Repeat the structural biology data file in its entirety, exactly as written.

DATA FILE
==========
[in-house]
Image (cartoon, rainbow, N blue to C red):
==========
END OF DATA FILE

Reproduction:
[in-house]
Image (cartoon, rainbow, N blue to C red):